Open Garden Duo Are Unsung Heroes

Garden exchange pair win Green Award.

David Fox and Sheila Mutter, founders and coordinators of San Anselmo’s garden-bounty exchange, have won a Green Award.

The Quality of Life Commission at a recent meeting voted unanimously to give them the award, aimed at honoring “unsung heroes” who have benefited the town without seeking recognition.

The award will be presented at the Town Council meeting at 7 p.m. Tuesday, July 12.

The garden exchange, held Saturdays from 9 to 10 a.m. from June through October, started at in 2008. It later shifted to the Town Hall lawn.

The Quality of Life Commission had endorsed the basic concept — which is to have backyard gardeners swap excess fruit, veggies and other garden products — and the move.

Each weekly exchange has been drawing 25 to 30 people, with a total of “three to four dozen actively involved,” Fox says.

Participants, notes Mutter, “also trade advice and ideas.”

“No money changes hands, ever,” she adds. “Our main objective is to encourage local, sustainable behaviors related to food, build community, and to redirect produce rather than let it go to waste.”

One of the adjunct, free services offered by the exchange, explains Fox, is “gleaning — going to someone’s house and picking fruit from a tree they either can’t handle themselves or aren’t interested in picking. We give the owner as much as they want and take the rest to a local food bank.” 

The exchange also matches gardeners with land to share with someone looking for a place to grow.

On any given Saturday an assortment of green items appears at the exchange, which is operated in cooperation with Sustainable San Anselmo under the rubric of the Marin Open Garden Project.

Most of what’s traded is routine, but “one guy’s always bringing dried fruit,” says Fox, “and another has brought a huge box of figs taken from a tree in his yard — he just never liked figs.”

Dozens of varieties of tomatoes have been swapped, and, Fox continues, “gorgeous carrots of all different colors — purple, red and pink as well as yellow.”

The success of Mutter and Fox’s efforts can be visualized by perusing a partial list of what’s already been exchanged: apple sauce, apricots, arugula, basil, bay leaves, beans, beets, bok choy, bread (home baked), broccoli, cakes, carrots, catnip, chard, chives, daffodil bulbs, honeysuckle, hot tea, jalapenos, lavender, leeks, lemonade, lemon grass, lettuce, muffins, olive trees, onions, peaches, pears, peppers, pies, plums, pumpkins, quiches, radishes, rosemary, seeds, squash, string beans, tomatoes, wine vinegar, worm castings and zucchini.

In addition, flats of vegetable plants have been donated by — plants that although still fine for food production couldn’t be sold because they didn’t look perfect.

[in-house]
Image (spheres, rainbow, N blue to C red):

Similar garden exchanges exist in Fairfax, Mill Valley, Novato and San Rafael.

For Mutter, San Anselmo’s exchange was partially an organic development stemming from the gardening she’s done since her early 20s, and her reading magazine pieces by Michael Pollan well before he authored The Omnivore’s Dilemma.

Her children also influenced her, when they were enrolled at in the green-oriented SEA-DISC program.

She’s lived in San Anselmo since 1998, where, she contends, people are “much more aware of environmental issues than other parts of the country.”

Fox, who’s been in the town since 1983 and was a prime mover in getting San Anselmo to offer free parking for all-electric vehicles, first became interested in the environment as a child when he read about the world’s population explosion.

His green education was aided by his having avocado, lemon and tangerine trees behind his home, “always allowing me to pull fruit from my back yard.”

Fox and Mutter agree that one of the unexpected benefits they get from the exchange is making friends with people encountered there.

Both voice pride at the garden exchange’s growth, and both cite a new tradition that’s taken hold, having a potluck by participants on the Town Hall lawn the last Saturday of each season.

The duo will become the 19th winner of the Green Award. Earlier citations were given Jeff Hvid, Dick Miner, Conn Rusche, Charles Kennard, the team of Steve Reinertsen and Scott Weeks, Sita Khufu, Rohana McLaughlin, Joyce Brown, Larry Nilsen, Matt Eakle, Ted Bakkila, Christine Dietrich Cragg, Bob Mellin, H.G. Von Dallwitz, Denali Gillaspie, Jonathan Braun, Dan Goltz and the husband-wife team of Janet Byrum and Bob Fleming.

Nominations can be hand-delivered or mailed to:

Quality of Life Commission, c/o Town of San Anselmo, 525 San Anselmo Ave., or e-mailed to voodee@sbcglobal.net or  townclerk@ci.san-anselmo.ca.us


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